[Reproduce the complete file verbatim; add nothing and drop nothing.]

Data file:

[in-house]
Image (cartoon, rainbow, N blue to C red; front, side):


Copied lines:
[in-house]
Image (cartoon, rainbow, N blue to C red; front, side):